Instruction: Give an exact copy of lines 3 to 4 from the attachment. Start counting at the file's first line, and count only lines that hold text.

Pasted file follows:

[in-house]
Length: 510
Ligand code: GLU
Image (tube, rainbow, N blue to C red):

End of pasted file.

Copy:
Ligand code: GLU
Image (tube, rainbow, N blue to C red):